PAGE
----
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April 14, 2016

Putting Together a Homebuying Dream Team - Part 2

Homeownership

By Ilyce R. Glink (Special to Freddie Mac)

Putting Together a Homebuying Dream Team – Part 2

My first blog discussed how to minimize stressful surprises by putting together a dream team of professionals before you start shopping for a new home. I provided guidelines for picking the first two members of your team: a great real estate agent and a smart mortgage lender who gives great customer service.

Now we'll focus on filling out the rest of your homebuying team:  

  1. A Knowledgeable Real Estate Attorney

Buying a home can be a complicated legal process and each state and city requires different contracts and other steps to complete the process. A real estate attorney can help you:

  • Navigate any financial issues involved in the purchase.
  • Understand the impact of property tax changes on the cost of the home
  • Negotiate your best deal based on the results of your home inspection.

A real estate attorney can help you sort through the fine print and avoid nasty surprises at closing, said John O'Brien, Real Estate Chair for the Chicago Bar Association and Founder and Chair of the Illinois Real Estate Lawyers Association. "They're a very valuable person to have on your team," he said. Just don't make this rookie mistake: The attorney you pay to attend the closing is working for the bank – not for you. Meaning if you're in a state where you wouldn't typically use a real estate attorney, you may not have anyone representing your legal interests in the deal. While commonly used in Chicago and the Northeast, real estate attorneys are used less often in other states, like Georgia or California.  (Full disclosure: I'm married to a real estate attorney.)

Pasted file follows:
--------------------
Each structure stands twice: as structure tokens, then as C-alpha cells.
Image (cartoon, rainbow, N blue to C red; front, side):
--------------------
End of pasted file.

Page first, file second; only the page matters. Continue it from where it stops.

1. A Resourceful Home Inspector

A great home inspector can save you thousands of dollars in repair costs by spotting problems -- like pests, mold, leakage and other damage - before you buy.  Regardless of property size, a good, thorough inspection will generally take around three hours and will include the attic, basement, garage, crawl space, roof and any outbuildings on the property.

You and your team may even be able to use the report to help you negotiate a better deal.

Get home inspector recommendations from your real estate agent, mortgage lender or real estate attorney. When you call their suggestions, ask them one question: How long does it take you to do an inspection?

If they say it takes them less than two or three hours (depending on the size of the home; condos will take less time than single-family homes), move on to the next name on your list.

Follow this series  just in time for the spring homebuying season.

Ilyce R. Glink is an award-winning, nationally-syndicated consumer finance columnist and the author of 13 books on real estate and money. She is also the CEO of Think Glink Media, a digital content agency.

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